When I was 12, I knew deep down that I was attracted to women in a way that a lot of my friends weren't. Because I was raised in a conservative town and family, I scoured teen magazines to find answers, and a lot of them — not so progressive yet in the early 2000s — suggested that I might just "envy the women I thought I was attracted to rather than actually want to be with them." Believing this, I went through middle school and high school in the closet, never branching out to try to flirt with or date women. A big part of me felt that I didn't belong under the bisexual title because I never felt that I related to the many stereotypes that are often associated with bisexual women. Even modern examples like Toni Topaz on Riverdale or Rosa Diaz on Brooklyn Nine-Nine tend to exude this cool, edgy confidence that I envied but never resembled.
While there is a ton of privilege in being in a straight-passing relationship, there is something extremely damaging about denying that someone is part of a community because of how their love life looks from the outside.
According to GLAAD, promiscuity is one of the most common stereotypes associated with bisexuality. That, along with the other stereotypes seen in movies and TV shows, can be harmful. Because I heard and saw some of these growing up, I felt like I wasn't really bisexual because I didn't have the experience of having had multiple partners of various genders to serve as some sort of receipt to prove what I already knew was valid about myself. I didn't even get into my first real relationship until I was 21 — nearly 10 years after I realized who I was attracted to. When I finally did find someone who I felt compatible and safe with, that person was a man. I was happy that I found someone who I loved so deeply and who loved me back, but I grew discouraged by how I was perceived and treated by my friends both inside and outside of the LGBTQ+ community.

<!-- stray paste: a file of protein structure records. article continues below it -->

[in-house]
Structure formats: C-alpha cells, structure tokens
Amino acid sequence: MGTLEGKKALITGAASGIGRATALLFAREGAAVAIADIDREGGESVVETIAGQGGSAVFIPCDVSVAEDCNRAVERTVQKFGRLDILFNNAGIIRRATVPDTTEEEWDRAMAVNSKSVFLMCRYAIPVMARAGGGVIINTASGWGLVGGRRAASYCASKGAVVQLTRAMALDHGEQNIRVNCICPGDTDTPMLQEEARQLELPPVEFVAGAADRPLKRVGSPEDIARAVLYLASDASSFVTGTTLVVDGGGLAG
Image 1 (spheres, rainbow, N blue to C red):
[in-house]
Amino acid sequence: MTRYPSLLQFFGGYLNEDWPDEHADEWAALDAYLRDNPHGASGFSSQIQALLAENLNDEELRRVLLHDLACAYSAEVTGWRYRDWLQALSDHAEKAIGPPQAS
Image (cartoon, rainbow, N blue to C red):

People were quick to doubt that I was truly bisexual just because I was with a man. One fellow bisexual girl in my sorority declared in front of a room of women who I hardly knew that perhaps I was demisexual instead of bisexual; she thought I had taken "so long" to find a partner because I didn't feel the same kind of sexual attraction as her. Others would outright deny that I was bi because my relationship was heteronormative passing. While there is a ton of privilege in being in a straight-passing relationship, there is something extremely damaging about denying that someone is part of a community because of how their love life looks from the outside.
When bisexuals date women, they are valid. When bisexuals date men, they are valid. When bisexuals date nonbinary individuals, they are valid. If someone tells you that they identify as bi, you should believe them and not quiz them. While I had spent a decade coming into a long-awaited confidence in my sexuality, people were quick to question me instead of welcome me once I began dating a man. It often felt like I had no place in the LGBTQ+ space, which made me doubt my own validity.
Bisexual people should be defined by their sexual identity, not their partners. They have nothing to prove to anyone and are not required to intimately describe the inner workings of their sex life so you can believe their attractions. While many bisexual people have had a larger number of partners and significant others, many of us are also shy and took our time gaining confidence in ourselves. While we might have only dated one person so far, it's important to trust us when we tell you our identity because we know how our own hearts work (we do house them, after all). Brushing off your friends when they tell you they're bi while they're in straight-passing relationships only further complicates the process of finding joy in one's own identity. Don't be a jerk — just believe them and accept them for who they are.